## Application of Boussinesq Equation and Westergaard’s Equation

Boussinesq Equation and Westergaard’s Equation are used to analyze the verticle stress on the soil with respect to the depth of the soil due to the point load of any structure.

Whenever a load is applied to the soil, the soil gets stressed in a different direction which we will discuss below with the help of two equations. After that, we will also see the numerical calculation for the verticle stress distribution pattern. Let us discuss both equations one by one.

## 1) Boussinesq’s Equation

Boussinesq gave the solution to the problem of vertical stress distribution in soil due to point load (single concentrated vertical load) acting at the soil surface, with the aid of the theory of elasticity.

**The following assumptions are made by Boussinesq in obtaining the solutions:**

#### Boussinesq theory assumptions

i) The soil mass is an elastic medium for which elasticity E is constant.

ii) The soil mass is homogenous i.e.; it has identical properties at different points or the same soil properties with depth.

iii) The soil mass is isotropic i.e.; it has identical properties in all directions.

iv) The soil mass is semi-infinite i.e.; it extends infinitely in all directions below a level surface.

v) The self-weight of soil is ignored.

vi) The soil is initially unstressed.

Let a vertical point load (single a concentrated vertical load) Q be acting at the soil surface at point O which is taken as the origin of the x, y, and z axes as shown in figure 8.2.

Let, P be the point in the soil mass having coordinates (x, y, z) or having radial horizontal distances r and vertical distance z from the point O.

Using logarithmic stress function for the solution of elasticity problem, Boussinesq showed that the polar radial stress or at point P(x, y, z) is expressed as,

where, R = Polar distance between the origin and point P (or polar radial coordinate of point P)

β = Angle of line OP makes with vertical.

and, the vertical normal stress σv at point P is given by;

σv = σ_{R} cos^{2} β

From the figure; we have,

Now,

where, I_{B }= Boussinesq’s influence coefficient for vertical stress.

Thus vertical stress is;

## 2) Westergaard’s Equation for Point Load

Westergaard gave the solution to the problem of stress distribution in a soil mass due to point load acting at a soil surface with the following assumptions:

#### Westergaard theory assumptions

i) Soil mass is elastic

ii) Soil mass is homogenous

iii) Soil mass is semi-infinite

iv) Soil mass is anisotropic

According to Westergaard’s the vertical stress at a point P at a depth z below the concentrated load Q is given by;

where, C depends upon the Poisson ratio (v) and is given as;

For elastic materials, the value of Poisson’s ratio (v) ranges from 0 to 0.5. If v is taken as zero for all practical purposes; then,

Then, the above equation reduces as;

where, I_{w} is known as Westergaard’s influence coefficient.

The value of I_{w} is considerably smaller than the Boussinesq influence factor (I_{B}) .

Comparison of I_{B }and I_{w}

From figure 8.3 it is clear that the Westergaard equation gives values consistently less than the Boussinesq for the same point load up to a ratio r/z equal to 1.5. When the ratio exceeds 1.5, the Westergaard formula gives greater stress. For all ratios or r/z less than about 0.8, the vertical stress as per Westergaard’s formula is approximately equal to two-thirds of the values given by Boussinesq’s equation.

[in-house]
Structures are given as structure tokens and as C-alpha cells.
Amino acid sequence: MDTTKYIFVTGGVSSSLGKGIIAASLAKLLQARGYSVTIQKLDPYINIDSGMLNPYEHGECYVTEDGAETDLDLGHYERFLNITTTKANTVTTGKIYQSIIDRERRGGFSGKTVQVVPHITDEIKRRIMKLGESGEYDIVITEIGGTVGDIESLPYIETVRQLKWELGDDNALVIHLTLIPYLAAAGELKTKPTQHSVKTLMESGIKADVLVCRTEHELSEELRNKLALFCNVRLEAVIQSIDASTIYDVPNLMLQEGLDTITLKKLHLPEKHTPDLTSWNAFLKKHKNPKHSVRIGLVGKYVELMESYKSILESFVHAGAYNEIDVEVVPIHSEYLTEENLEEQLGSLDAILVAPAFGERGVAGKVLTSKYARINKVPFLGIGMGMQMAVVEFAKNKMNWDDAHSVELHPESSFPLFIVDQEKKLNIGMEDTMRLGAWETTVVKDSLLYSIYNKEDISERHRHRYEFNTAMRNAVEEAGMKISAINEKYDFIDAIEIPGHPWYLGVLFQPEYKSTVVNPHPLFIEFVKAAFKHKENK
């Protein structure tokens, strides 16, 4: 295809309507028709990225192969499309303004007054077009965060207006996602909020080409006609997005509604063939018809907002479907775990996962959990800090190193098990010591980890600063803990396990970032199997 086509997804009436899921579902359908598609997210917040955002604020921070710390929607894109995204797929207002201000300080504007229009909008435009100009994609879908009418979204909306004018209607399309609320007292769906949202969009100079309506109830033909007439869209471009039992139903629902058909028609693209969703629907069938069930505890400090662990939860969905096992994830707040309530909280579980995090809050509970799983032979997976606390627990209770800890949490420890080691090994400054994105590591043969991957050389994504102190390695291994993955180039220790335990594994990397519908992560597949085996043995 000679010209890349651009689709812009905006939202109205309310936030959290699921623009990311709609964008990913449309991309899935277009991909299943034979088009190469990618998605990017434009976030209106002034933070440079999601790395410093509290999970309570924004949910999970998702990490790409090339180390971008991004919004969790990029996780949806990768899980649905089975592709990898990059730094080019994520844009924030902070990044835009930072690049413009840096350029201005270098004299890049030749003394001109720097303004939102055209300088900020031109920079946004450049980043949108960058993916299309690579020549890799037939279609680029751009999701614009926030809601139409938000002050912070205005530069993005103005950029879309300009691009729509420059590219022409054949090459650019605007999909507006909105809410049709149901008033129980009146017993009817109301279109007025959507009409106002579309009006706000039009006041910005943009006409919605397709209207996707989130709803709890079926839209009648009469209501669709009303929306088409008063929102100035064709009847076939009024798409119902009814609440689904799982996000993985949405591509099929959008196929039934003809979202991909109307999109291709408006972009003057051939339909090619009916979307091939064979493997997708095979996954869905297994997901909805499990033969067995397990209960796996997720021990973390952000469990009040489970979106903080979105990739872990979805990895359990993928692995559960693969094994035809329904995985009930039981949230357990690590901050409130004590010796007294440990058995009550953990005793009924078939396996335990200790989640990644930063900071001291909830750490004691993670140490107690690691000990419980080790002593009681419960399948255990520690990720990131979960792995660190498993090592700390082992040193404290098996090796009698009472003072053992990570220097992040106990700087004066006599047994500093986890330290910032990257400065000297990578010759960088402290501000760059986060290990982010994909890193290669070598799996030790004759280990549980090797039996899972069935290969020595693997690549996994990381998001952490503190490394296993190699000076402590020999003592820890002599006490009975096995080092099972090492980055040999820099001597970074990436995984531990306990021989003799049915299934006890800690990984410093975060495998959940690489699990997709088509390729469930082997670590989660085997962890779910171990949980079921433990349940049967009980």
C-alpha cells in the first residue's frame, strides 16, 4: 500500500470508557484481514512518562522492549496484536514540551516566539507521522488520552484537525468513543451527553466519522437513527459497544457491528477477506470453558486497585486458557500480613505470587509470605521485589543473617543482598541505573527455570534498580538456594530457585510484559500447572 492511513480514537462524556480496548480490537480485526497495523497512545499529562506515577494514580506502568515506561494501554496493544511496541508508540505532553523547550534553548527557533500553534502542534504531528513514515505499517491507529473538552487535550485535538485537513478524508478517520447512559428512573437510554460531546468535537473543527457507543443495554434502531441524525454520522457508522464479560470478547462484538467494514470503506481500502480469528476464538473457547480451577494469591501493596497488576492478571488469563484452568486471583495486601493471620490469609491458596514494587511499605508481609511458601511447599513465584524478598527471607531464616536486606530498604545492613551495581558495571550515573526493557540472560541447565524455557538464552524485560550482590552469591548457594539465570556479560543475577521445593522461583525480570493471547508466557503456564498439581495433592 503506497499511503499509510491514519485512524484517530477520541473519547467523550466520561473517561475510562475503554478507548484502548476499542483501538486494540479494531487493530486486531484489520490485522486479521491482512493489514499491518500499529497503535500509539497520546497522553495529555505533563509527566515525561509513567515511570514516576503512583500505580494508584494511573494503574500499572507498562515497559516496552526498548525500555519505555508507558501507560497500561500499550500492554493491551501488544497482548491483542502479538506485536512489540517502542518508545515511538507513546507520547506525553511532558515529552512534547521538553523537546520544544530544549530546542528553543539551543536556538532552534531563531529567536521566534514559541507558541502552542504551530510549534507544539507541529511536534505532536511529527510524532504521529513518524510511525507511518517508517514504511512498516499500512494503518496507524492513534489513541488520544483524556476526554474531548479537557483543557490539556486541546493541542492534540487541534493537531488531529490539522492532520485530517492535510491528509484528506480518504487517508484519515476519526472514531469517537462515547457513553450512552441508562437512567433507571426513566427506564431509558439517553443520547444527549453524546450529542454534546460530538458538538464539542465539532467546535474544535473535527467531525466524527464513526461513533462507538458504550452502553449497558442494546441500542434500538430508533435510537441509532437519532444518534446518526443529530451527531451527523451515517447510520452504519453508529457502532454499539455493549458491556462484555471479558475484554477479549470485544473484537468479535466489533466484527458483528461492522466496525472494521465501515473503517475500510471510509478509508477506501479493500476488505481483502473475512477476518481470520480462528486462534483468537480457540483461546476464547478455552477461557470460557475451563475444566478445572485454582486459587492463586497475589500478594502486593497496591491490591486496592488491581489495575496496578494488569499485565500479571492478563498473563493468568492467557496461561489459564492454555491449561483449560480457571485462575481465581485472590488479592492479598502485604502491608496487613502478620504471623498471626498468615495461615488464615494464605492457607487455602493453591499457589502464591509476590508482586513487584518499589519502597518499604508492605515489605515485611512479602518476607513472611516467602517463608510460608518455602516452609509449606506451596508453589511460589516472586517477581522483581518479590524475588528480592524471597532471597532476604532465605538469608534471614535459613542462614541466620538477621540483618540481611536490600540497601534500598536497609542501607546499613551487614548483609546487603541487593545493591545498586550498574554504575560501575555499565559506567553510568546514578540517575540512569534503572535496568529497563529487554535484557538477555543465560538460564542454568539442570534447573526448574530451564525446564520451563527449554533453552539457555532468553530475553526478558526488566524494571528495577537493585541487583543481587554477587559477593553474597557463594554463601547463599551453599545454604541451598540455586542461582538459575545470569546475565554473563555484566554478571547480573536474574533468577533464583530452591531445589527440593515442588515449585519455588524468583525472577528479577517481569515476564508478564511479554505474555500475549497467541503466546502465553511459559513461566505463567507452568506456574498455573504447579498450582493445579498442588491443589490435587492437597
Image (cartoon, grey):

#### Derive an expression for the vertical stress at a point due to a point load using Boussinesq’s theory. What are the limitation of Boussinesq’s theory?

Solution:

**For the first part:** See above

**For the second part: **We have from Boussinesq’s solution:

The value of vertical normal stress at a point directed below the point load on its axis of leading (where r = 0) is given by;

Equation (2) shows that the vertical normal stress directly below the point load decreases with the square of the depth and at z = 0 the vertical normal stress below the point load is infinite.

Theoretically, the point load has a zero-contact area and hence the resulting stress is infinite. However, according to Boussinesq in actual practice the material near the surface under the point load yields and hence it experiences only finite stresses.

Again equation (2) shows that the vertical normal stress directly below that point load will be zero only at z = ∞ (i.e., at infinite, depth below the load), but for practical purposes, the vertical normal stress may be considered to be zero at a relatively small finite depth below the load.

## Stress distribution in soil solved problems

**Q)** **A point load of 1000 kN acts as a ground surface. Show the variation of vertical stresses on a horizontal plane at a depth of 5m below the surface.**

Solution:

The given values are:

Q = 1000 kN

and, z=5m

The vertical stress distribution in soil on a horizontal plane at a given depth **z = 5 m** can be determined by using the **Boussinesq equation** as given below.

For this the several assumed values of r and constant values of z, σ_{v} is calculated from the equation (1).

Now,

Using equation (2) σ_{v} is calculated for different values of r and plotted as shown below.

r(m) | 0 | 1 | 2 | 3 | 4 | 5 | 6 |

σ_{v (kN/m}^{2}) | 19.1 | 17.31 | 13.18 | 8.85 | 5.54 | 3.38 | 2.05 |

**Happy Learning – Civil Concept**

Read Also,

Differences between compaction and consolidation process of Soil mass

Relation between Discharge velocity and Seepage velocity in soil mass

Numerical to calculate the plastic limit of soil |Plasticity index